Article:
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Will “Cloud” Ever Be a Term of the Past?
Thoran Rodrigues
JAN 22, 2013 13:29 PM
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I know it sounds corny, but change is the one constant in technology. Trends come and go, technologies rise, go mainstream, and are then abandoned for the next best thing, buzzwords fall out of favor. For much of 2011, Cloud Computing was the place where every technology vendor wanted to be. The possibilities of having easy, instantaneous access to unlimited computing resources captured the imagination of the public – for both good and ill – and it seemed like every one was branding their products “cloud-something or other”. For all effects, 2011 was the year that cloud computing went mainstream: before 2011, if you mentioned the cloud, all you got were dumb stares; after 2011, everyone knows what you’re talking about.

Over the course of 2012, the attention of mainstream media shifted from cloud computing to Big Data (which is a topic for another time). As people now focus on the unlimited possibilities of easy access to never ending oceans of data, and on the privacy fears that come from it, we are left to ponder where a technology trend, such as cloud computing, goes after the mainstream.  Will Cloud Computing ever be a thing of the past?

 

Defining the Mainstream Cloud

Cloud computing as a technology trend is both more and less than what was perceived and reported by the mainstream media. Yes, it is about the easy access to computing resources on a vast scale, but people, even those that work on the technology sector, often confuse computing resources with servers. Thus, cloud computing is equated with cloud servers (virtual machines), and with infrastructure-as-a-service providers such as Amazon and Rackspace. Thus, people will fret about the security of moving their software to a virtual machine on Amazon’s data center and keep using Gmail – cloud email – without noticing the contradiction.

Computing resources, and, by extension, the cloud, are in fact much more than only servers. The same way that we can consider storage space, random access memory or processing power computing resources, we can also look at more complex operations in aggregate and consider them a computing resource. Sending or receiving an email or SMS, performing database operations, executing a program, and other operations can be abstracted and offered on a cloud model.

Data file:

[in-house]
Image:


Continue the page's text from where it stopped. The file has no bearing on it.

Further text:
Cloud computing as a technology trend is about the virtualization and abstraction of different layers of a computer’s architecture. On the infrastructure layer this is easy to grasp: I want X number of processors with Y amount of memory and Z amount of disk space to run my operations, and it doesn’t matter if this comes from a large server or a collection of smaller ones, as long as the hardware is hidden from me. As we go higher on the stack, the same abstractions apply. On the platform layer, we should think in terms of operating system calls: I need to store X number of files, or run Y number of processes, and the cloud platform-as-a-service should just do it, hiding away the explicit operating system calls. And the same goes for the service layer. If we think about emails, we want to send and receive emails through whatever browser or client software we use. It doesn’t matter if the service provider has a single server, a full data center or uses cloud servers. It doesn’t matter what email server they are using internally. All that matters for the end user is the service itself, the rest is abstracted away.

 

Moving Over

There are, then, two situations where cloud computing would become a thing of the past. The first, perhaps more obvious one, is when cloud computing becomes the norm, rather than the exception. Like other architecture models (client/server; web) before it, cloud computing will one day become standard practice to a point where no one will need to explicitly say that they are adopting it. You won’t need to say that you use cloud servers, because every server will be on the cloud.

While this is the most obvious and rational situation, the truth is that the term cloud computing will probably fall into disuse as soon as it doesn’t present any marketing advantage for technology companies. As technology marketers shift their focus to the next buzzword that is likely to increase sales, existing terms, even if they endure as technological trends, fade from public use. Even though the cloud has proven to be resilient, we have to wonder how long this will last.

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